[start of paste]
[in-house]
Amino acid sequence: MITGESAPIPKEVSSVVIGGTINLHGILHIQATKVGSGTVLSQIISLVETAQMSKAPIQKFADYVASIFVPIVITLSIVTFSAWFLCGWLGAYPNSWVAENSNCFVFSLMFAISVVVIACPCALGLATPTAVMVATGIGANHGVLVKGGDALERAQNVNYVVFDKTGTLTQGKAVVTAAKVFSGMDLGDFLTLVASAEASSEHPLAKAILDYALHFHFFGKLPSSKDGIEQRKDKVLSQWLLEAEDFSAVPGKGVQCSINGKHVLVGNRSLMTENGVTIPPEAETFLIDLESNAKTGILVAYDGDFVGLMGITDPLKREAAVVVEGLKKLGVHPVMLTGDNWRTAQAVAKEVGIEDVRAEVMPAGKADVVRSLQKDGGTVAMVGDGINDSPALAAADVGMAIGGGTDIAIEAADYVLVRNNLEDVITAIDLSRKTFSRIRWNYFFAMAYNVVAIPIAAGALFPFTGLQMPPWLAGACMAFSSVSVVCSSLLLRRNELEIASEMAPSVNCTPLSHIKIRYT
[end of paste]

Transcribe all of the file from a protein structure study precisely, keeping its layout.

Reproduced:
[in-house]
Amino acid sequence: MITGESAPIPKEVSSVVIGGTINLHGILHIQATKVGSGTVLSQIISLVETAQMSKAPIQKFADYVASIFVPIVITLSIVTFSAWFLCGWLGAYPNSWVAENSNCFVFSLMFAISVVVIACPCALGLATPTAVMVATGIGANHGVLVKGGDALERAQNVNYVVFDKTGTLTQGKAVVTAAKVFSGMDLGDFLTLVASAEASSEHPLAKAILDYALHFHFFGKLPSSKDGIEQRKDKVLSQWLLEAEDFSAVPGKGVQCSINGKHVLVGNRSLMTENGVTIPPEAETFLIDLESNAKTGILVAYDGDFVGLMGITDPLKREAAVVVEGLKKLGVHPVMLTGDNWRTAQAVAKEVGIEDVRAEVMPAGKADVVRSLQKDGGTVAMVGDGINDSPALAAADVGMAIGGGTDIAIEAADYVLVRNNLEDVITAIDLSRKTFSRIRWNYFFAMAYNVVAIPIAAGALFPFTGLQMPPWLAGACMAFSSVSVVCSSLLLRRNELEIASEMAPSVNCTPLSHIKIRYT